This relationship is supported by extensive data acquired for FR4 laminates and has been
shown to be accurate within a few percent of experimental measurement over the range 1
kHz to 1 GHz. Since this equation was derived empirically, caution should be taken when
extrapolating to frequencies above 1 GHz [
]. It has been determined through
experimental measurement that the glass cloth reinforcement experiences no dielectric
constant variation in this frequency range; subsequently, the equation is only a function of
the frequency and the resin content.
The PCB manufacturer should be able to provide the volume content of the resin. However,
if this information is not attainable, it can be estimated as
is the total thickness of the glass cloth and H is the total thickness of the dielectric
layer. When PCBs are manufactured, the dielectric layers are built up to the desired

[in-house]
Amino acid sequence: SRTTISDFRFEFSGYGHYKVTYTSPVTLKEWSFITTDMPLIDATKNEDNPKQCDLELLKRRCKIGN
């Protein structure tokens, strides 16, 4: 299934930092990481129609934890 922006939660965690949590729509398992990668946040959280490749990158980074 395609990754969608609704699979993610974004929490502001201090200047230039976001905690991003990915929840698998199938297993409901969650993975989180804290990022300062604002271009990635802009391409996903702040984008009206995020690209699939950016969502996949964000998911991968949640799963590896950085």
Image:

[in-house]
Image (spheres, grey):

thickness by stacking several layers of glass cloth and gluing everything together with the
epoxy resin. The manufacturer can provide the type and thickness of glass cloth used and
the number of layers used, which will yield H
. The total layer thickness can either be
measured via cross-sectioning techniques or obtained from the manufacturer.
However, if this information is not attainable, it can be estimated as (4.20) where H gls is the total thickness of the glass cloth and H is the total thickness of the dielectric layer.